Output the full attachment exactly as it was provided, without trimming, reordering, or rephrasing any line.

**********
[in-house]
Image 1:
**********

[in-house]
Image 1: